We already know a small handful of details about Sony’s upcoming PlayStation 5 console. It will be backwards compatible, it’ll have SSD storage, PSVR is still very much a concern and it’ll be powerful enough to do fancy things like ray-tracing. But a new patent spotted by Digital Trends suggests that despite that super-powerful hardware, you still might end up streaming your games.
The patent is a full 79 pages, so set aside a good couple of hours if you fancy reading it. I wouldn’t bother though, as even the summary is a bit heavy going: a “system for combining recorded application state with application streaming interactive video output.” That’s streaming games, to you and me.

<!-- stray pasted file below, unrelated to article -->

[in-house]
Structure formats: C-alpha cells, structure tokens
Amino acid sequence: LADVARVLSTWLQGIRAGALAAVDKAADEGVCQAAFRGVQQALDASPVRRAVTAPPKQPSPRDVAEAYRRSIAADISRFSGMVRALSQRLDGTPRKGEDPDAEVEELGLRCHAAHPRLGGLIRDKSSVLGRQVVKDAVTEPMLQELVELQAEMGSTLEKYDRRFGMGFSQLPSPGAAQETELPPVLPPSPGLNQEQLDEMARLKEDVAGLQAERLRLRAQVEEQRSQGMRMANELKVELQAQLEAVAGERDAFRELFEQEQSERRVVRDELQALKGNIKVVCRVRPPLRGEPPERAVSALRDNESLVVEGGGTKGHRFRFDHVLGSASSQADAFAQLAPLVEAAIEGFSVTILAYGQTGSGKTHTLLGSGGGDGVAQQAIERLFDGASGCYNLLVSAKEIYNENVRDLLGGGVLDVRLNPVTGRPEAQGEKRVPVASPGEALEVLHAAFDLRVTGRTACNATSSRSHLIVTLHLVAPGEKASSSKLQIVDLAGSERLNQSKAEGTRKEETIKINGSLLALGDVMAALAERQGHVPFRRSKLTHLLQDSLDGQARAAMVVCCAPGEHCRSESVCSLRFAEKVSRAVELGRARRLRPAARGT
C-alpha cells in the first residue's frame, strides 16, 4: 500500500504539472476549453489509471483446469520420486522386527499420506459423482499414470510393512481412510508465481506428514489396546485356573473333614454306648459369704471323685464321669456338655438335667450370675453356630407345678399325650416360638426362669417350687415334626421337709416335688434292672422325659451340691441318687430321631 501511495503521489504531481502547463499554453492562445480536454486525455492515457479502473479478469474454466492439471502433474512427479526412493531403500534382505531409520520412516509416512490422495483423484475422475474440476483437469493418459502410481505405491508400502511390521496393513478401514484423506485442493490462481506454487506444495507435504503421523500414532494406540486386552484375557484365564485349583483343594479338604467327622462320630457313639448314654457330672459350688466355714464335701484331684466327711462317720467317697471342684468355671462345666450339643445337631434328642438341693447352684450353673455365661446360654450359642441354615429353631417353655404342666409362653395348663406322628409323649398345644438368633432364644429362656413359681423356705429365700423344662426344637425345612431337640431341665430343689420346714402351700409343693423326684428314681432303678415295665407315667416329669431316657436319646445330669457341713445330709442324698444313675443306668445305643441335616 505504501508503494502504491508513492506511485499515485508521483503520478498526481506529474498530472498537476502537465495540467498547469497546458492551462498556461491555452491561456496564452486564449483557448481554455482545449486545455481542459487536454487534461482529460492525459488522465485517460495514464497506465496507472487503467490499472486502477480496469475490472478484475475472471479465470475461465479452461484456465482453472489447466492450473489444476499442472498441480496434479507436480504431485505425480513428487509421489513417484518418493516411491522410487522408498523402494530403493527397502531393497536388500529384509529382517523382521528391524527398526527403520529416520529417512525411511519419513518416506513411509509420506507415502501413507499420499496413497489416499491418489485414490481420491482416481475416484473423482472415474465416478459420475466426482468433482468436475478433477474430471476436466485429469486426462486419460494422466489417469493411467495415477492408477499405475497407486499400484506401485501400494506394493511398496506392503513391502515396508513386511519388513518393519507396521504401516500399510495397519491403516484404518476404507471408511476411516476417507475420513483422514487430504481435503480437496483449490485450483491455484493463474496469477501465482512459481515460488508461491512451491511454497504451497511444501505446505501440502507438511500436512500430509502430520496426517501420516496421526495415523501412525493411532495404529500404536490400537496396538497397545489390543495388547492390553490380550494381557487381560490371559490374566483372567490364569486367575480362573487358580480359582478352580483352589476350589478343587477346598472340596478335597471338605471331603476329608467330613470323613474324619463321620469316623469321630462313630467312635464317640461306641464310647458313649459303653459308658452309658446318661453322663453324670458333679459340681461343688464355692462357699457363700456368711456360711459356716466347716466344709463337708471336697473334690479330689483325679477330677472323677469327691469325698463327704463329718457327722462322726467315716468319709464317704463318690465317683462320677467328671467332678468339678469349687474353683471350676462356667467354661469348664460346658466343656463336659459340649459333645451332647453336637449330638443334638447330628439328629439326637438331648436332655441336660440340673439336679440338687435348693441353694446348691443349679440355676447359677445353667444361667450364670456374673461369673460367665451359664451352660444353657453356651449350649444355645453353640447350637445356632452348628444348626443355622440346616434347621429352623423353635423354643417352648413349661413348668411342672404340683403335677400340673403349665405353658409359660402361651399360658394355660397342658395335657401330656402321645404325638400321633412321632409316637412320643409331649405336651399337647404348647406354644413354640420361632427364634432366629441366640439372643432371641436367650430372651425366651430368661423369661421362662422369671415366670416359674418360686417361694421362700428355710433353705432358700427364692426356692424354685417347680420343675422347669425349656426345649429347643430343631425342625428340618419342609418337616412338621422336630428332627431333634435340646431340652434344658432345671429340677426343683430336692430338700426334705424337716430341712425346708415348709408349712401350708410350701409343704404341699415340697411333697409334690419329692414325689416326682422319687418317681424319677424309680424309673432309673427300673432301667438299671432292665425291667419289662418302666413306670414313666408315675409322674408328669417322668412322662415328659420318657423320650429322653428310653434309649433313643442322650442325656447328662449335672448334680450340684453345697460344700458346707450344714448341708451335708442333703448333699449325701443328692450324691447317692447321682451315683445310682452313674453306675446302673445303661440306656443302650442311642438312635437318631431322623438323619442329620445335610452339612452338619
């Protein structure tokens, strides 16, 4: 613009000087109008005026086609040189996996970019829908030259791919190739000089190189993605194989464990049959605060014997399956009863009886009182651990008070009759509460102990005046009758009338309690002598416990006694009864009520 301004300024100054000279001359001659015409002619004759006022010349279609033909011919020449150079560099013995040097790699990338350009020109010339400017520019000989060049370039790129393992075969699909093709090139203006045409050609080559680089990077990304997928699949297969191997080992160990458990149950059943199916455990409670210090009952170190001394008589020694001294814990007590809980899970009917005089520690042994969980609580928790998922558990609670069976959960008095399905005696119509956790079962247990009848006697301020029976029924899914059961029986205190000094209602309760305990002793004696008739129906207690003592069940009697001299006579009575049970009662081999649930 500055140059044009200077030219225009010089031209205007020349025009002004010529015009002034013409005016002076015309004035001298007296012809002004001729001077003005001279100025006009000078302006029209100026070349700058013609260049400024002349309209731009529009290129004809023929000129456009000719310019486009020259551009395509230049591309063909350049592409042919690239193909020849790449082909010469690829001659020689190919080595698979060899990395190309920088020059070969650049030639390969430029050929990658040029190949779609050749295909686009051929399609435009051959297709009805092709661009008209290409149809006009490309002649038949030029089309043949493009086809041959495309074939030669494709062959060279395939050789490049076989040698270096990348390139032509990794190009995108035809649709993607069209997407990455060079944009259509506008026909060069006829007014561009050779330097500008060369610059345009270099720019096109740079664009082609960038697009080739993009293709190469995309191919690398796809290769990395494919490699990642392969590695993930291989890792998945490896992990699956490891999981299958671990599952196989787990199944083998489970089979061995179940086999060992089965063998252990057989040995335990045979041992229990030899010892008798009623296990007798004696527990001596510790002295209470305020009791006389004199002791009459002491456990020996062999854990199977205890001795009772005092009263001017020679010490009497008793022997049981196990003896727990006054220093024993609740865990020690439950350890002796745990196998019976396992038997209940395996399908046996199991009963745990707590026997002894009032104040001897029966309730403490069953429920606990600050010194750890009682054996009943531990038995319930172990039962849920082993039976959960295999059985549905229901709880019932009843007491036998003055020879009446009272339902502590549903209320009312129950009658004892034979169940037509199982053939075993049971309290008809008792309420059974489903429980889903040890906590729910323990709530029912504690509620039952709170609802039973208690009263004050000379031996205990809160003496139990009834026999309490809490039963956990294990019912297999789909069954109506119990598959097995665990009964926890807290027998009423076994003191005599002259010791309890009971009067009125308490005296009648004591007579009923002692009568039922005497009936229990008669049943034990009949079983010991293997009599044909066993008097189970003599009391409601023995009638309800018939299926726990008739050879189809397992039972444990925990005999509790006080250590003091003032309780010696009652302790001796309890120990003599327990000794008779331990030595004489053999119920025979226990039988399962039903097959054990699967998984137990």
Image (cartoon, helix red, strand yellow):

The advantage here is that because another computer does the graphical processing, you don’t need a powerful device at your end. It’s just a glorified screen to stream the action to.
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You might be thinking that this is simply a patent relating to PlayStation Now, except that service launched in 2014 – and this patent appeared later in the same year. So while it’s possibly just about improving current Now services, it’s definitely not what you can enjoy right now on your PS4.
Could it be Sony’s way of supplying next-generation games to people who can’t afford the (presumably) sky-high costs of the PS5? Just stream the games to any screen and enjoy a similar performance in the same way Google is hoping to do with Stadia? Possibly, but then why would anyone buy a PS5?
Given many patents end up going nowhere, it might just be Sony getting in before anybody else, of course.
We’ll just have to wait and see. Hopefully Sony will have some more details about new hardware at E3 next month...